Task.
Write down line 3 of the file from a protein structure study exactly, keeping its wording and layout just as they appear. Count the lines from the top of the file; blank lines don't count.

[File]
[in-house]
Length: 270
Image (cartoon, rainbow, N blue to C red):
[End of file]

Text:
Image (cartoon, rainbow, N blue to C red):